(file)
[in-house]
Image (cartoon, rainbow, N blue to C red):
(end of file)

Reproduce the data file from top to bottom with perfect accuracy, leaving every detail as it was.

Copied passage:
[in-house]
Image (cartoon, rainbow, N blue to C red):